“Was not their mistake once more bred of the life of slavery that they had been living?—a life which was always looking upon everything, except mankind, animate and inanimate—‘nature,’ as people used to call it—as one thing, and mankind as another, it was natural to people thinking in this way, that they should try to make ‘nature’ their slave, since they thought ‘nature’ was something outside them” — William Morris

Tuesday, December 17, 2013

Turning Nihilist

Long time correspondent Nick Guetti (hi Nick! I owe you an email!) writes: 

I just had a long FB conversation with an old friend of mine: permaculture teacher, ecofeminist, grassroots organizer. Or she was, years ago. She's gone nihilist. Completely burned out. "Maybe you should ask yourself if the world is asking to be saved." She thinks taking action and responsibility is all about ego and it doesn't really matter. Everything she said is like a textbook example of what you've said/written about the apocalyptic, happy, hypermasculine deep ecology failing to sustain people through reality.


amanda vox said...

whenever I start to feel nihilistic I go back to Chogyam Trungpa´s ´genuine heart of sadness´ text. Which is here:
and is great.

Nick Guetti said...

It's one of the saddest things I've ever heard. I'm not going to drop her name, but she's a well-known author and iconoclast of the permaculture country club. She wrote the most inspiring book (other than maybe Holmgren's "Beyond Sustainability") to come out of that whole social phenomenon. Now she just wants to retreat and play her music...at which I wish her the best, of course. But I went through that withdrawn phase when I was very young; it's much harder when you're older.

Anonymous said...

or maybe Pascal's Wager rearranged to apply to the Earth--that it's worth the fight because even if it's all over, the fight was meaningful and in the name of something good and bigger than yourself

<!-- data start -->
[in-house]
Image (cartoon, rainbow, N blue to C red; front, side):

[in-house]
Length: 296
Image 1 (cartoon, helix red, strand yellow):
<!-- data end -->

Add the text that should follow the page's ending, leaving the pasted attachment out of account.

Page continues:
Heather Jo Flores said...

for the record, I am not a nihilist, nor am I burnt out, I just don't agree with the hero-complex that most activists seem to have. I believe that the most radical thing a person can do is to truly enjoy their life, to embrace an ecological existence without feeling the need to judge others against it. "be the change..." or whatever...And Nick please don't quote me without my permission, I don't appreciate it. Thanks, Heather Jo Flores

Heather Jo Flores said...

For the record, I am not nihilist, nor am I burnt out. Quite the opposite actually: I am happier and more effective than I have ever been. I was simply trying to explain to Nick (who is not an old friend, but rather, someone who approached me via facebook and whom I have never met) that I don't agree with the hero-complex that most activists seem to embrace. Instead, I think it is important to be humble, calm, and joyful when approaching the changes we need to make as a culture, and to make those changes in our own lives and bodies before preaching them to others. I don't believe that anybody has a right to judge and condemn another person, and the moral high ground on which most activist-types seem to reside, quite frankly, reeks of tyranny and ignorance.

And Nick, please don't quote me again, out of context and without my permission. Thanks, Heather Jo Flores, author of Food Not Lawns

Nick Guetti said...